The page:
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Police can't enforce Charlotte ordinances until full review of city code, officials say

Brandon Walker

Charlotte-Mecklenburg Police officers are in a position where they say they can’t arrest or charge a person for violating a city ordinance. That is until the city reviews its ordinances and decides which ones should have criminal penalties.

Animal abuse, littering, polluting and loud music or amplified noises are all governed by city ordinances. A state law that went into effect on Dec. 1 removes some criminal penalties from municipal ordinances.

The city of Charlotte released a statement saying to comply with the law, the city is reviewing its ordinances to determine which ones should continue to have criminal penalties.

Mayor Pro-Tem Julie Eiselt said this law took everyone by surprise and they were trying to get more details from staff.

Larken Egleston, who chairs the city’s safety committee, said a review may take several weeks. In the meantime, Egleston said there isn’t a safety threat.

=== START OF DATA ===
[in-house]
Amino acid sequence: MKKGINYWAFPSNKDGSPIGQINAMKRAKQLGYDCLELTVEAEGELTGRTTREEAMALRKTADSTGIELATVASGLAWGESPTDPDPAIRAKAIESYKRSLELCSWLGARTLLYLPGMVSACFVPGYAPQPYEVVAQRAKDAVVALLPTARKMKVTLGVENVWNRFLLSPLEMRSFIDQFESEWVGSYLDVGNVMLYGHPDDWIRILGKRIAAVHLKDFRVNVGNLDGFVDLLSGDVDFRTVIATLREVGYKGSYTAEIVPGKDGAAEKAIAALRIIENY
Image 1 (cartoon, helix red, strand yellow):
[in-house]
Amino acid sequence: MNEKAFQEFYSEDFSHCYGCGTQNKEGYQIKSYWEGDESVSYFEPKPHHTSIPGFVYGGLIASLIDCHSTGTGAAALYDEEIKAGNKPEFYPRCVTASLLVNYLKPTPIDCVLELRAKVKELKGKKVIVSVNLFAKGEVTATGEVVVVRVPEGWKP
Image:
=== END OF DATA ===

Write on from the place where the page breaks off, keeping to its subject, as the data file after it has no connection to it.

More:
“I don’t think we’re taking away the ability of our police officers to handle situations that involve serious crimes or violent crimes or anything of that sort. These are more petty crimes,” Egleston said.

A city spokesperson said CMPD officers will continue to respond to complaints governed by city ordinances. He also said there are many areas where city ordinances overlap with state law and officers will continue to enforce that.

Copyright 2021 WFAE

Lisa Worf traded the Midwest for Charlotte in 2006 to take a job at WFAE. She worked with public TV in Detroit and taught English in Austria before making her way to radio. Lisa graduated from University of Chicago with a bachelor’s degree in English.